A few years ago, I started keeping a gratitude journal. One sentence, every night. I’m on the third year in that little leather journal, and I often like to look back and see what I was doing last year, the year before…what good things I celebrated as I went to bed on those nights and maybe the few nights surrounding them. Last night I looked back and saw that on May 15, 2016, I was thankful for friends who sat with us on a Sunday morning when we were broken. We were broken because, after a year of investing our hopes (and language learning efforts) into the process of adopting from Brazil, we had hit a major roadblock, and we were in the midst of deciding whether to choose another country. I remember that May 15th well. I remember a lot of tears, and I remember that they lasted for days. A few weeks later, we began the process of adopting from Ethiopia.
Almost exactly one year later, on May 16th, 2017, we found ourselves reading an alert from the U.S. State Department that included these words: “The Department of State will continue to advocate for intercountry adoption from Ethiopia. However, given the uncertainty of the future of adoptions there, prospective adoptive parents should consider other countries.” A few weeks earlier, the Prime Minister issued a suspension on all international adoptions, with no word on the why or the how long. Little coherent information has come out since then. Tuesday’s announcement is the closest we’ve gotten to, “This is direction you need to go.” And so, Tim and I are waiting to find out what the process looks like to change countries…again. Granted, this could all open back up as abruptly as it shut down. But it seems unlikely at this point, so we’re sketching out possible next steps.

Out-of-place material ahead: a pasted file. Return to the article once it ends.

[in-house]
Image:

A year ago, I was barely holding back tears, pretty much 24/7. Oddly, this week I find myself almost unable to feel…anything, really. At least not anything I can grab hold of for more than a minute or two. I have teared up while talking about it a grand total of one time, for maybe a minute. I have felt angry for a few 30 second intervals, when I think about the process of starting over, or when someone (with good intentions, of course) suggests that we consider an option that is far, far more complex than they realize. Once in a while I look into another country’s program and feel a moment of excitement, even. But mostly…nothing. It’s an odd feeling. I don’t really know what to do with it.
Most nights before we eat, we pray for our kids, “wherever they are, whoever they are.” For a year, that has meant, “Wherever in Ethiopia, whichever African children.” The last few days, the wherever and whoever aspect of it is less about anticipation and more about frustrating ambiguity. But wherever and whoever, there are children that we can’t wait to bring home some day. We need to remember the simple beauty of that. And we may need you, our community, to remind us once in a while to keep that good thing in view and to look for joy in all the parts of this ridiculously roller-coaster-esque journey.